Two games that will define O’Neill’s contribution to Irish football

If I come away from the studios tonight having enjoyed the game in Copenhagen, I will be surprised if our last match in Cardiff has proved to be the template — although a repeat of the same result would certainly be very welcome.

Two games that will define O’Neill’s contribution to Irish football

Martin O’Neill’s tactics in stopping Wales were not something I could admire even if the winning of the game was something I could enjoy. I had hoped we could reach these play-offs by playing a positive and creative kind of football but, frankly, I was probably naïve to think that. We all appreciate the determination, commitment and never-say-die spirit that is characteristic of this Irish team and I expect to see more of that tonight against Denmark.

But, with the teams pretty evenly matched, whether that will be good enough to get us to Russia is uncertain.

Tonight, Ireland face a team who can boast some talented players but they are not a side we should fear in any way. To get Denmark in the playoff draw was a huge break.

For me, these two games will define Martin O’Neill’s contribution to Irish football. He has been suggesting he has over-achieved up to now but I don’t believe that to be the case. With the slot available to the third team in the qualifying group for Euro 2016, it was always entirely possible for Ireland to reach the finals through the play-offs, although I would be the first to acknowledge that we were impressive in how we negotiated those decisive games against Bosnia. We then had a fine Euros, showing more of what our team is capable of.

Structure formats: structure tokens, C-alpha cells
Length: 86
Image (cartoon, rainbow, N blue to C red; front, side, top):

The road to Russia has been tougher and, over the course of this qualifying campaign, we have had some good performances but some pretty bad ones too. However, if we can overcome Denmark then I would have no hesitation in praising the feat as a genuine over-achievement on the part of the manager.

To have Ireland qualify for the World Cup finals as one of only 13 European teams would be right up there with the best of O’Neill’s career successes. It would also mean so much to a cash-strapped FAI and hopefully fuel more investment in attracting and developing youngsters to the game I love.

That’s why these four days are massive.

The Danes did well to recover after a shaky start to their group, finishing second to Poland in front of decent teams in Montenegro and Romania. As most observers agree, in Christian Eriksen they have a player who on his day can win a game single-handedly.

He is a very intelligent footballer who can prise open a defence with a pass and who also has contributed his fair share of goals.

And his ability at free kicks is something our defenders and goalkeeper Darren Randolph will be only too well aware of. Nicklas Bendtner, if he plays, has a fine scoring record for his country and his ability in the air would also be a threat.

In defence, Chelsea’s Andreas Christensen is a young centre back who looks destined to play a long time at the top level. And in Kasper Schmeichel, they have a very capable goalkeeper.